The Prosperity Gospel Preys on Poverty

The United States of America, while not an officially Christian nation, is certainly a nation populated mostly by Christians. Because of this fact, changes in American religion will always be accompanied by changes in America itself. Specifically, the teachings of American churches will influence the way Americans live their lives, at least to some extent.

For a very long time, Protestant Christianity preached frugality and revered the self-made man. Pastors instructed congregations that correct moral behavior and ethical choices would be rewarded in the next life, but that temporal success here on Earth was in their own hands. The great economist and sociologist Max Weber felt that this uniquely Protestant ethic, which encouraged people to take their well-being into their own hands, contributed to the very development of modern capitalism and the dominance of Western societies.

Today, many pastors and churches still honor these concepts, but there is a growing movement in American Christianity that is changing the way many people conduct their lives. It’s called the prosperity gospel, and it emphasizes material success in the here and now, as opposed to in the next life.

The basic idea that this prosperity gospel hinges on is the notion that God rewards the faithful with financial success. In the words of Joel Osteen, who is probably the most popular of today’s prosperity gospel preachers: “God wants us to prosper financially, and to have plenty of money.” For the rank-and-file churchgoer, this sort of instruction translates into one simple message: If I follow God’s commandments, I will have plenty of money.

Prosperity theology was initially slow to develop. But with the advent of television and radio in the 20th century, the movement gained traction. Oral Roberts, Billy Graham and other pioneers of the televangelist format adhered to the prosperity movement. Today, nearly all TV preachers teach some form of the prosperity gospel.

Prosperity theology sounds harmless enough at first, but it has done enormous damage to thousands of Americans, if not millions. The televangelists of the 1980s developed a particularly dangerous form of doctrine that challenged viewers to make donations as a gesture of faith. God was supposed to see this donation as a measurable display of a person’s faith, and the individual expected a financial reward from God as a result.

Some pastors, including those at Trinity Broadcasting Network here in Orange County, even challenged people with high levels of credit card debt to max out their cards in order to donate. This was supposed to be the ultimate act of faith, and televangelists went so far as to promise that God himself would pay off the credit cards that very month.

Of course, none of these rewards ever came. Prosperity theology tends to appeal to the very poor. That has meant that these challenges from televangelists have only served to place lower-income people in an even worse financial position. Donations came in by the millions, and televangelists bought luxury cars, private jets and dozens of homes across the country with the money.

This may sound like robbery in its pure form. But, unfortunately, it is almost impossible to prosecute religious organizations in the United States. The U.S. Supreme Court ruled long ago that it is not the business of the Court to test the truth or falsity of religious doctrine. For prosperity gospel preachers, this means that because the prosperity gospel is a religion, they can aggressively market for donations, receive them and do whatever they want with them. A court of law cannot stop this from happening, because it cannot rule that any religion is illegitimate.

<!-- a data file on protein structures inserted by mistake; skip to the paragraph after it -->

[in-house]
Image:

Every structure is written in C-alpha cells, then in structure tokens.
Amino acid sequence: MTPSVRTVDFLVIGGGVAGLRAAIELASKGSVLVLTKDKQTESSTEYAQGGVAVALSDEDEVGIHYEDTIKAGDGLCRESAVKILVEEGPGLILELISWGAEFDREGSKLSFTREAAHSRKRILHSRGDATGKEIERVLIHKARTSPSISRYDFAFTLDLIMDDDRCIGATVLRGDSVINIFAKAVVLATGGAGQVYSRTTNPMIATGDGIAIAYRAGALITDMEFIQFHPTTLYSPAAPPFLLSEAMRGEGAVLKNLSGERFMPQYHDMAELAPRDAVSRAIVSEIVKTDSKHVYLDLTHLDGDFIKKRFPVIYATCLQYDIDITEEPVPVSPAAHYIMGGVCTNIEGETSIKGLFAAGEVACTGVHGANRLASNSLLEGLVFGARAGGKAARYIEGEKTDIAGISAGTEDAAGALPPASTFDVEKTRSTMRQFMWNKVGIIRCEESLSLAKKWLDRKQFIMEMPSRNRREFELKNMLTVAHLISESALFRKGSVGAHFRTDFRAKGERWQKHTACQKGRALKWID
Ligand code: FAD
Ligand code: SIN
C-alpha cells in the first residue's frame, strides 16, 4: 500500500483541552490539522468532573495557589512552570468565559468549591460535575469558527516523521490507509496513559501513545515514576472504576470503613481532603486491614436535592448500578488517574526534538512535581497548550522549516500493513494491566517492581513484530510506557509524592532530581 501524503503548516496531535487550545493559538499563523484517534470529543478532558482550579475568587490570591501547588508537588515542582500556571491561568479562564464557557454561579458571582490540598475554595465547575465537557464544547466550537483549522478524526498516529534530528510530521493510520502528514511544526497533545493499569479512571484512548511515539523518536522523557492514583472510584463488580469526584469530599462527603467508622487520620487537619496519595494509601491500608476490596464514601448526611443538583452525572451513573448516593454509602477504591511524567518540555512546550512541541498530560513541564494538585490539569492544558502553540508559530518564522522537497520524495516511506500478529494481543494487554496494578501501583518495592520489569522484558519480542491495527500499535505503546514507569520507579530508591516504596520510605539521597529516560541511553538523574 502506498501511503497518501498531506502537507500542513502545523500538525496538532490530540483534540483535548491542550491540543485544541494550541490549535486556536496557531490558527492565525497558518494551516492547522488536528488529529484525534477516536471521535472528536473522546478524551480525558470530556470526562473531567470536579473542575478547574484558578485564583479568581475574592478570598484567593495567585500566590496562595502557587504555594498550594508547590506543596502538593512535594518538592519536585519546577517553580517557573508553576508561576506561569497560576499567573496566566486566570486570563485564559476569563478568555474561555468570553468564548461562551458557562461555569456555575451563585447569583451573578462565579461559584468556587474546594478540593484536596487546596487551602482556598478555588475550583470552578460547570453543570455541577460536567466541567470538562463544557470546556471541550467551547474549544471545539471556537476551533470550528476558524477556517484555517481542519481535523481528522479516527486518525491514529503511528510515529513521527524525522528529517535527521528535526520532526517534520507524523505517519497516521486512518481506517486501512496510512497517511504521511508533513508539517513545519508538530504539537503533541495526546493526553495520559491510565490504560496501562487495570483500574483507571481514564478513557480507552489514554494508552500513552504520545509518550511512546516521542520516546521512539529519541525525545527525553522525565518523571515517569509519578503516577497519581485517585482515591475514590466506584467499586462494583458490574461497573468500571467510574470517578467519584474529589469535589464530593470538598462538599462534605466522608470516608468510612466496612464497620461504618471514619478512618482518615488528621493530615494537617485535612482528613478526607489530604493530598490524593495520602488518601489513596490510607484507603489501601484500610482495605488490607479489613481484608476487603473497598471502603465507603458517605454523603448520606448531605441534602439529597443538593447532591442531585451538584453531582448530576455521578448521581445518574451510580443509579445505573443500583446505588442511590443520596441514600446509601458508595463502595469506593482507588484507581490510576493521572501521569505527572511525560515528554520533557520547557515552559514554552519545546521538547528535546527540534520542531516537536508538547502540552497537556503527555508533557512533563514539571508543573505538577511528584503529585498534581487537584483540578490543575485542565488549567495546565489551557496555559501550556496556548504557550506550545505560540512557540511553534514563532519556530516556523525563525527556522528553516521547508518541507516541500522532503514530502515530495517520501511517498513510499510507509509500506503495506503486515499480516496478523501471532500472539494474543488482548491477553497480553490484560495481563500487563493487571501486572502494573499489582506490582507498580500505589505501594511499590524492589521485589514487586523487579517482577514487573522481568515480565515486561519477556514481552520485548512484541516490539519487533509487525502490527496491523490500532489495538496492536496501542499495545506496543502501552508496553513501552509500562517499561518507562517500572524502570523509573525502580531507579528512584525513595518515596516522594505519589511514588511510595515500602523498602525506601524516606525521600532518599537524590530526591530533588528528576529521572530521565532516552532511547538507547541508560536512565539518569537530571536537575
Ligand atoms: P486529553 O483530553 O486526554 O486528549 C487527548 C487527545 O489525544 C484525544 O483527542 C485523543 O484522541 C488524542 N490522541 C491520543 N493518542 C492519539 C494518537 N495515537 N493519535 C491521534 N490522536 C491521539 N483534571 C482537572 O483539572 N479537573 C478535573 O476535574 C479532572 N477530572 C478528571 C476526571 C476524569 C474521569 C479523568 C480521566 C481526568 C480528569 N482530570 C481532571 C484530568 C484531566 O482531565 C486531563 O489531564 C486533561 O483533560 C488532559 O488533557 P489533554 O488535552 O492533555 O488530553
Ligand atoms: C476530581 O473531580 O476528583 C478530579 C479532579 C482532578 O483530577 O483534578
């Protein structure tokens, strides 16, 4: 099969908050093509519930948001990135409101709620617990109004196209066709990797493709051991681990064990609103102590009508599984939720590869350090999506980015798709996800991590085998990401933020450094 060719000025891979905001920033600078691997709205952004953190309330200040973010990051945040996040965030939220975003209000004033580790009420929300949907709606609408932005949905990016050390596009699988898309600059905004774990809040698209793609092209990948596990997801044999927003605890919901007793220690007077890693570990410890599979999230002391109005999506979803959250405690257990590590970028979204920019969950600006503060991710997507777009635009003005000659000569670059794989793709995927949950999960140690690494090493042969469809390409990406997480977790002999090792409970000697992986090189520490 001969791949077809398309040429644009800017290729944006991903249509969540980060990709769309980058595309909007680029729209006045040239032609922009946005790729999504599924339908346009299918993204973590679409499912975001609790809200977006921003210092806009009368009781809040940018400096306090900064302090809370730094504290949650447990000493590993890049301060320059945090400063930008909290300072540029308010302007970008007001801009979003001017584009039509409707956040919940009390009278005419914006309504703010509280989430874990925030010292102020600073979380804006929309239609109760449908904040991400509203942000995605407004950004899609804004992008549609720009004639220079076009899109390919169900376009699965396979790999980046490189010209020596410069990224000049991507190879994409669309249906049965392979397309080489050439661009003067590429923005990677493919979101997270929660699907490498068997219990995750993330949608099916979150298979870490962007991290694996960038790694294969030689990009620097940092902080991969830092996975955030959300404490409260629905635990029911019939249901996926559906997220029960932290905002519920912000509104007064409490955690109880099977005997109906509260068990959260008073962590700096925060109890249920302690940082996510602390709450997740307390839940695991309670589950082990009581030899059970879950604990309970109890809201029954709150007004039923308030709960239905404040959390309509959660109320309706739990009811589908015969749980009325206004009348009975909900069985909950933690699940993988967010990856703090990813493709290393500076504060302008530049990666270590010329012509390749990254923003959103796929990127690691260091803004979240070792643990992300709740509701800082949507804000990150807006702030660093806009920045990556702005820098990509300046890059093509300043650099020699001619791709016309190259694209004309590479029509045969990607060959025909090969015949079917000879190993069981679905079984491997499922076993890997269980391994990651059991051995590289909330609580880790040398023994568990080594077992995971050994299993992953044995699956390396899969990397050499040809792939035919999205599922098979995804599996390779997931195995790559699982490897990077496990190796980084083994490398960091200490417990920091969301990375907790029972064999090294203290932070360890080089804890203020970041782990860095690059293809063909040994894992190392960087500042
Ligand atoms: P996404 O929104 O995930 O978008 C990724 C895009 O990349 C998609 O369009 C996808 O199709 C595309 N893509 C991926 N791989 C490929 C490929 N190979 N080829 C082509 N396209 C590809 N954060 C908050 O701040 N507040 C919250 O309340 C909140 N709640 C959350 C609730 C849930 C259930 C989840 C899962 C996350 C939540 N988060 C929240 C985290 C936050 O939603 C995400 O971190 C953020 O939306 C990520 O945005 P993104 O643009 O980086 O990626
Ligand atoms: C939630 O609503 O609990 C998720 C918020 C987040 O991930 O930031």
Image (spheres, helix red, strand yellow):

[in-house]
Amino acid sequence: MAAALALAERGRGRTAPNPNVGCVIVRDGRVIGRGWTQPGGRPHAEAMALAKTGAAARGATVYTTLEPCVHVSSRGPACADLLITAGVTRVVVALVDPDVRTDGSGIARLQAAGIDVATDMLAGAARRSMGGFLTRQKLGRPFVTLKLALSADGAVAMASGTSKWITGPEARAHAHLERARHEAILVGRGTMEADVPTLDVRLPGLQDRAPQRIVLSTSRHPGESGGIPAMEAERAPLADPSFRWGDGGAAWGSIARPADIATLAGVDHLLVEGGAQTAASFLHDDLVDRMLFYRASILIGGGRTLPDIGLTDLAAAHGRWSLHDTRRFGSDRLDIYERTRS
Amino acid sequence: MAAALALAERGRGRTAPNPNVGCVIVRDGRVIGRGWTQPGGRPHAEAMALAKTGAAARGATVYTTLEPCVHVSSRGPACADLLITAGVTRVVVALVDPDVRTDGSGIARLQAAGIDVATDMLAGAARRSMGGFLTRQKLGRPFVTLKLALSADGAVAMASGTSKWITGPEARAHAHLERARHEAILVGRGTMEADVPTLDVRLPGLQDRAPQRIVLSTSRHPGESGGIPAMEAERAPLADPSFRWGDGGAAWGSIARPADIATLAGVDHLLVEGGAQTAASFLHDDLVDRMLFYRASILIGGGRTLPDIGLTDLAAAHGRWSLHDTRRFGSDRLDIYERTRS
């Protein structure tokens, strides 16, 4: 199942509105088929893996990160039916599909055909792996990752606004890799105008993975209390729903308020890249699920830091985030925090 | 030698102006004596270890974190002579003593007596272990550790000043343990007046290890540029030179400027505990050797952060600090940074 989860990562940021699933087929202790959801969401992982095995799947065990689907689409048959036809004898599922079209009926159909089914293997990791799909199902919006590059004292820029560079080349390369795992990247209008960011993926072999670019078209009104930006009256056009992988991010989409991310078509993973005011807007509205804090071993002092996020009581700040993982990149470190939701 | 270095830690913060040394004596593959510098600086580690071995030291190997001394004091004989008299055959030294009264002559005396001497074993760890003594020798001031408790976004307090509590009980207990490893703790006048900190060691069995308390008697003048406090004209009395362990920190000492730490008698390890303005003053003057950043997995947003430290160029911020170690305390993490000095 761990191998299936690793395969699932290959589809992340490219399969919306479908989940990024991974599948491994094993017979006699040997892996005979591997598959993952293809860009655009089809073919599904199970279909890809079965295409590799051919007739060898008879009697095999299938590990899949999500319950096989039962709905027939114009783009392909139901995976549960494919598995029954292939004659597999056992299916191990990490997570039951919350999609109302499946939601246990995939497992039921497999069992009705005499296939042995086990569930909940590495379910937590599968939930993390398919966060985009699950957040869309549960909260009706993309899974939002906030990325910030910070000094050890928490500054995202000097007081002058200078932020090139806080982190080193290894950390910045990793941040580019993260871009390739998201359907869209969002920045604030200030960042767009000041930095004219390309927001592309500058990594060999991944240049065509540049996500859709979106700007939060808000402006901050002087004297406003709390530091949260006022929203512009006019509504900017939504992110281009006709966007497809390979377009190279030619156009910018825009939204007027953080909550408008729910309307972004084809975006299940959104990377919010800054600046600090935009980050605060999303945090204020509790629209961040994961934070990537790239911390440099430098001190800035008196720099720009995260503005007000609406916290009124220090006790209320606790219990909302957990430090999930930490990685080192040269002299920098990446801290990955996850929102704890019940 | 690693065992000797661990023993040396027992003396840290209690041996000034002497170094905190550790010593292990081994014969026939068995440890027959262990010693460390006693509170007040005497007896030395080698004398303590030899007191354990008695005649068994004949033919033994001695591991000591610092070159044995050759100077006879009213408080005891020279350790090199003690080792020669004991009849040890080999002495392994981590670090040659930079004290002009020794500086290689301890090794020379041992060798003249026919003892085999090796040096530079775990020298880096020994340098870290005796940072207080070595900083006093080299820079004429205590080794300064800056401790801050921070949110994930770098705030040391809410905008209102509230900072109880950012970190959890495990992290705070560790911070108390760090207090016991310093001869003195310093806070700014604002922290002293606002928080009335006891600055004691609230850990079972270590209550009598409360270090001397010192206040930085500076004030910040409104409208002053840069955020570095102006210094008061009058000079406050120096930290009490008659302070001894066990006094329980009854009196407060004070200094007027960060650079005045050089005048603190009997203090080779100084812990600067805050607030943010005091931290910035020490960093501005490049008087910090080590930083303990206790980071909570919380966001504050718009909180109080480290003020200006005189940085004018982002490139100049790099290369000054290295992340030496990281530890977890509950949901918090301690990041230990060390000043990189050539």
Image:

The prosperity gospel is controversial. There are many evangelical Christians who are aware of the dangers of prosperity theology. Some actively preach against it. Rick Warren, the founder of Saddleback Church here in Orange County, told Time magazine: “This idea that God wants everybody to be wealthy? There is a word for that: Baloney.” Referring to the many poor Christians who live faithful lives, he asked, “Why isn’t everyone in the church a millionaire?”

Warren donates 90 percent of his income to charity and lives off the other 10 percent, a lifestyle he refers to as “reverse tithing.” Of course, Warren is a rich man, so 10 percent still leaves him with a comfortable lifestyle, but his reverse tithing stands in stark contrast to the extravagant lifestyles lived by prosperity televangelists.

Unfortunately, despite the reservations of some evangelicals, the prosperity theology is finding fertile ground for growth. Mainstream Christianity is becoming increasingly affected by it. The notion that God rewards faith with money is spreading in both conservative and moderate churches. The average, reasonable person with a mind firmly grounded in reality should be able to figure out that prosperity theology is completely ridiculous, but this is not stopping the movement from gaining ground.

Prosperity theology advocates are making baseless promises on behalf of God; this is something that I firmly believe no human being has the right to do. These men are proof that religion, while a beautiful and important tradition and a vital expression of humanity, can be used for the worst possible purposes when placed in the wrong hands.

Charles is a third-year religious studies major. He can be reached at cbhicks@uci.edu.